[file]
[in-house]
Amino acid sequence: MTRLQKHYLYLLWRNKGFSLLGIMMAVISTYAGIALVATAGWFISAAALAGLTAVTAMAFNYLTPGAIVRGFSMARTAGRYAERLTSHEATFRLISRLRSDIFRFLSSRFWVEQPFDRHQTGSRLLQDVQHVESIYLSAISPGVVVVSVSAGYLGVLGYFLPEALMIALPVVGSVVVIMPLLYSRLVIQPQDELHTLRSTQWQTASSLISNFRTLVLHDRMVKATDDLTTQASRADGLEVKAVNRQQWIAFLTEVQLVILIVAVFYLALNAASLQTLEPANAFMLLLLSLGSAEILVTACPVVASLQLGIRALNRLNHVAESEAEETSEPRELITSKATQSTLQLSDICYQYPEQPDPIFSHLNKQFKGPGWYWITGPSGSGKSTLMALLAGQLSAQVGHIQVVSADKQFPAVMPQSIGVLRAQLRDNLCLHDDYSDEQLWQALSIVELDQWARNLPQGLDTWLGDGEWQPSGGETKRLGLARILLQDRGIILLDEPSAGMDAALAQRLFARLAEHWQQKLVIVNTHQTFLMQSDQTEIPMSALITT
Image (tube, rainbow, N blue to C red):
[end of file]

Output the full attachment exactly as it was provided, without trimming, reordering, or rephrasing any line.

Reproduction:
[in-house]
Amino acid sequence: MTRLQKHYLYLLWRNKGFSLLGIMMAVISTYAGIALVATAGWFISAAALAGLTAVTAMAFNYLTPGAIVRGFSMARTAGRYAERLTSHEATFRLISRLRSDIFRFLSSRFWVEQPFDRHQTGSRLLQDVQHVESIYLSAISPGVVVVSVSAGYLGVLGYFLPEALMIALPVVGSVVVIMPLLYSRLVIQPQDELHTLRSTQWQTASSLISNFRTLVLHDRMVKATDDLTTQASRADGLEVKAVNRQQWIAFLTEVQLVILIVAVFYLALNAASLQTLEPANAFMLLLLSLGSAEILVTACPVVASLQLGIRALNRLNHVAESEAEETSEPRELITSKATQSTLQLSDICYQYPEQPDPIFSHLNKQFKGPGWYWITGPSGSGKSTLMALLAGQLSAQVGHIQVVSADKQFPAVMPQSIGVLRAQLRDNLCLHDDYSDEQLWQALSIVELDQWARNLPQGLDTWLGDGEWQPSGGETKRLGLARILLQDRGIILLDEPSAGMDAALAQRLFARLAEHWQQKLVIVNTHQTFLMQSDQTEIPMSALITT
Image (tube, rainbow, N blue to C red):